On the bookcase in the living room of my in-laws house, thousands of miles from the Franklin County Courthouse, there is a small photo of me and my wife standing across the street from the courthouse, a small bouquet of flowers in her hand and an expectant smile on her red, flushed face. I’m standing next to her with a freshly pressed powder-blue shirt with a crooked grin that seems to say, “This time I will get it right.” We married just four years and two days after the end of my previous marriage in the same courthouse where both that marriage and the subsequent divorce took place.
The courthouse is huge in Franklin County, three towering buildings that mete out justice between marble and drop ceilings. They are a trifecta of fear, loathing, and, in some rare cases, joy, with the Justice of the Peace sandwiched between Adult Probation and the Public Defender’s office. Dizzyingly busy at times, they are filled with pleated skirts, blue suits, leather-bound briefcases, and lawyers carrying piles of documents in the hope that the sheer magnitude of paperwork will turn a judge or jury in their favor. By contrast the other inhabitants of the court house, are the poor and economically malnourished, many of the men brandishing neck tattoos, and women pulling along toddlers, at times picking up the child by the arm, the frustration of the day being put into action. Parking is a chore, with few parking meters available. If you’re unfamiliar with how the courthouse works, then understanding how long a marriage or divorce takes is a puzzle.
Today, one of the responsibilities of my job is to appear in court with mentally ill clients, who approach the courthouse with a very real sense of trepidation or fear, not knowing if they will be leaving the courthouse in a bus with corrugated fencing over the windows via the basement entrance. The fear I once had of the courthouse is a far cry from the fear of my clients.
Me and Robin, my soon-to-be-ex wife drove to the courthouse in the same car, a white Metro that I had bought with money borrowed from Dan Dow (a sum that he would largely forgive a few years later). I was going to give the car to her as part of the divorce—that and temporary custody of Istvan, my beagle-collie mix who liked to eat records and shit on the floor. I would have given anything to rid myself of the pangs of guilt caused by yet another failed relationship.
We drove to the courthouse together to untie the knot that we had just months prior banded together, hoping that this dreadful day would never come. We were nervous and somehow on this particular morning this energy somehow brought us together when we were publically tearing ourselves apart. I had arranged for our mutual acquaintance Mark Fisher to handle the dissolution. Mark is known as the “rock and roll lawyer” in Columbus circles. He helped organize the annual Community Festival, a somewhat self-congratulatory endeavor of the bohemian, left-minded wing of Franklin County that celebrates local music, liberal ideals, and lots of alcohol. I have never cared for the festival, although it tends to be the one gathering that brings the Columbus music and arts scenes together for one mud-filled and alcohol-soaked weekend a year. Mark did the dissolution for the low sum of $500, and, since we owned very little, it was easy. We appeared in the courtroom, signed some paperwork, and our marriage was dissolved.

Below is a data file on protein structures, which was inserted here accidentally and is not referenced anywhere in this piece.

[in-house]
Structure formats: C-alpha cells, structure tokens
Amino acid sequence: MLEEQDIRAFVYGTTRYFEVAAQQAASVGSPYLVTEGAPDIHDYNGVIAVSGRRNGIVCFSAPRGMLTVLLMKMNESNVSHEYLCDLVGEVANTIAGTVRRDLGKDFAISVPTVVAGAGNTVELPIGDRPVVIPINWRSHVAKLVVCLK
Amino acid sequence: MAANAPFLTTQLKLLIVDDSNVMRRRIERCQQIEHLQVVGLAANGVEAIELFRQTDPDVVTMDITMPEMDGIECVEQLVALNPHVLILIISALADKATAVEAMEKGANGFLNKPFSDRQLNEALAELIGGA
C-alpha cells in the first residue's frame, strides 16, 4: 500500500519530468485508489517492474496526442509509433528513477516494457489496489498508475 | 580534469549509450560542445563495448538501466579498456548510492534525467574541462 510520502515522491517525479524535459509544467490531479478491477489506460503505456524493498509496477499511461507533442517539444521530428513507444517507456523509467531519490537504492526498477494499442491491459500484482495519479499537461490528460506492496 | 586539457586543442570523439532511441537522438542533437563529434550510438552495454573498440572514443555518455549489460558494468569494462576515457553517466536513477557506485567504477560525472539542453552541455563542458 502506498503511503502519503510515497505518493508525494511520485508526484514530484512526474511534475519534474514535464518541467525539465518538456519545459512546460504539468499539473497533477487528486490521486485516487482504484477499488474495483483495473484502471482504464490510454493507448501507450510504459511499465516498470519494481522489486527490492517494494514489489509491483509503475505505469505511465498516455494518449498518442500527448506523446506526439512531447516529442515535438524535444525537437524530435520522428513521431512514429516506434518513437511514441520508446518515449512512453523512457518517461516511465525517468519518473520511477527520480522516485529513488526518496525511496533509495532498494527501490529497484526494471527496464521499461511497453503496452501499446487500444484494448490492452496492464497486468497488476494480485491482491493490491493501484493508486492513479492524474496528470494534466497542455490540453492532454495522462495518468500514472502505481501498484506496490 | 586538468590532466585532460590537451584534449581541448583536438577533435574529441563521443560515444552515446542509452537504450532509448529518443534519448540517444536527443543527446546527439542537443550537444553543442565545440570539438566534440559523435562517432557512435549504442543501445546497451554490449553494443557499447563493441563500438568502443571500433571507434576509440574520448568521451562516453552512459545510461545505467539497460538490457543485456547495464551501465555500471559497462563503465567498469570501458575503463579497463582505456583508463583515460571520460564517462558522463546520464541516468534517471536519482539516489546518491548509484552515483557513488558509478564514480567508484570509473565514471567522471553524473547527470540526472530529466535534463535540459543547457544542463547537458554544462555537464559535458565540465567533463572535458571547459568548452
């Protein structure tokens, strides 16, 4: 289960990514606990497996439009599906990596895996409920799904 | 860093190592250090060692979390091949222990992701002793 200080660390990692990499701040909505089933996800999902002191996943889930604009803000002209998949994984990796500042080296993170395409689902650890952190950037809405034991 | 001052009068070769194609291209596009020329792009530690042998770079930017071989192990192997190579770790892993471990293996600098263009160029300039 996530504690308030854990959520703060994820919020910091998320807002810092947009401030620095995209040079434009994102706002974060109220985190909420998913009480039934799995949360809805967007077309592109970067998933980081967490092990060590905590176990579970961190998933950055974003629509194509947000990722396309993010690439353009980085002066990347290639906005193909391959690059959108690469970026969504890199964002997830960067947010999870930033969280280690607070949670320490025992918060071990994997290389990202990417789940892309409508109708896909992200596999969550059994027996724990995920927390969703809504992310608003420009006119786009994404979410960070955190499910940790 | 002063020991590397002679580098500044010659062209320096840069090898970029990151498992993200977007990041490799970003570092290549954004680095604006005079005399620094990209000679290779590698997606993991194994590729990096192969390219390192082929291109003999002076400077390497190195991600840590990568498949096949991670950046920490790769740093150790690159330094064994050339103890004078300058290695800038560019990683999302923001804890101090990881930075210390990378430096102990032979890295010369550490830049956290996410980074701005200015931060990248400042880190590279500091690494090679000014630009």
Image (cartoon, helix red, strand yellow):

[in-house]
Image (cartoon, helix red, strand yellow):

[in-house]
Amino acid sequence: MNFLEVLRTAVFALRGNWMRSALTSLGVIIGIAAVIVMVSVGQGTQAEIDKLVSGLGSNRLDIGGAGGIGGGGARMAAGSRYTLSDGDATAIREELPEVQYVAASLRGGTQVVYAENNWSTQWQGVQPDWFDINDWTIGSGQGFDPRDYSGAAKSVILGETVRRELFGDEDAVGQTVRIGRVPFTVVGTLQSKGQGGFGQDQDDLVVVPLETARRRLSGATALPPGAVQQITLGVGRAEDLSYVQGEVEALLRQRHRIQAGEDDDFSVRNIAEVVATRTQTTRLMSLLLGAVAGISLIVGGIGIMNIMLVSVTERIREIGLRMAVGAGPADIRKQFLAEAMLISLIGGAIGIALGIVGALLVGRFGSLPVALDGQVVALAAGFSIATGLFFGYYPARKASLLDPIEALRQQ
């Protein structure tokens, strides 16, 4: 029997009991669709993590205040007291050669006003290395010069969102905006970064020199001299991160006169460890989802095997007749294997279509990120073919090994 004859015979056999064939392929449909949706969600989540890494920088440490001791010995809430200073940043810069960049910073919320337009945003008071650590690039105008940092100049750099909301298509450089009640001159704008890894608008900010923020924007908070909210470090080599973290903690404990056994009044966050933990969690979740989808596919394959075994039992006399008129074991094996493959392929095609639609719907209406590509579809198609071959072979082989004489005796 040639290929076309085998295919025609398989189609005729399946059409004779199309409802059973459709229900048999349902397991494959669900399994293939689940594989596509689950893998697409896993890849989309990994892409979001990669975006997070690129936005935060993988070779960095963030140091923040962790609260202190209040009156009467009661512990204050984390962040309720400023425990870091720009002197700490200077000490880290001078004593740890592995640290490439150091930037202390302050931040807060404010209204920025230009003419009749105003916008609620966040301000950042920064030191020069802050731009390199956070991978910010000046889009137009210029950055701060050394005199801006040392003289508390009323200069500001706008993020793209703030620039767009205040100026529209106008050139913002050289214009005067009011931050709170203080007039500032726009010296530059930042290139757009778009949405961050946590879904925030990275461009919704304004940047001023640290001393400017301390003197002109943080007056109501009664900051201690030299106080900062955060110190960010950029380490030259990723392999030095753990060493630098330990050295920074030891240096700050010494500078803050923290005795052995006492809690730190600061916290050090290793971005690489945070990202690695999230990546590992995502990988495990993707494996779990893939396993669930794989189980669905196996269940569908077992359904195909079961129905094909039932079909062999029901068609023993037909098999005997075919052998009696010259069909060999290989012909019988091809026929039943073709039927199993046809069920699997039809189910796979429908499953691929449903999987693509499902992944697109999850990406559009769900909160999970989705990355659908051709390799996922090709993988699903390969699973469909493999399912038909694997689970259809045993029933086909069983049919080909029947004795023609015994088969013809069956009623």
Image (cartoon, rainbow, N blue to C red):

An emptiness came with our failure, a type of vacancy that blended the present moment with the past, muddled together to wipe out any sense of body or emotion. For a moment, when the realization hit, I couldn’t feel the outside, as if I were a flag, shifting with the wind, the skin like bare thread bouncing but not feeling anything expect the lack of feeling. Stepping to the curb, Robin and I looked at one another, nervous smiles across our faces. We had a permanent public scar on our history; the brunt of our deteriorated relationship would be in the newspaper tomorrow. We looked at one another, trying to figure out the next step. On the car ride back to her apartment we stopped for a drink, and then another drink, before finally succumbing to one another. We got a twelve-pack and drove to her house, with nervous energy bouncing off of one another like invisible emotional darts. Did we feel sadness, anger, relief, or shame?
Heading to her room, we undressed to engage in the one activity that lifted all oppressive emotions for at least a moment. Afterwards, she laid her head on my chest. Feeling as if I were standing too close to a campfire, my eyebrows singeing, I bolted upright. “I gotta go, now,” I stammered.
Scowling, she replied, “That’s just like you, you are such a fucking asshole. God, I hate your fucking guts. You’ve RUINED my fucking life!” I listened to her screaming while I wrestled a pair of jeans on in the other room. My little dog Istvan stared up at me, wondering where I was going.
Lurching home, I picked up a 12-pack of Milwaukee’s Best Light and, with drama in every step, plodded up Ted Hattemer’s wooden porch steps. The dazzling sun was in stark contrast to the grayness that filled me. Plopping down in front of the stereo, I listened to “Dear You” by Jawbreaker, a favorite of both me and Jerry Wick. And looked back at the drama I had set up for myself as if it was something straight out of a John Hughes movie. In reality, everything about me that week was a wreck. That night, after a quick drunken nap, I decided to go out. I went to Larry’s and quickly started a conversation with a dark-haired woman who had tattoos stretching up one arm and down the other. A few hours later I found myself in her bed. After sloppy and guilt ridden sex, I laid on my back, trying to see if the ceiling in her room really had a tapestry pinned to it. I wanted an inner shower.